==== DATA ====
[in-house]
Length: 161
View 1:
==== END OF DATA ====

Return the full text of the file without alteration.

[in-house]
Length: 161
View 1: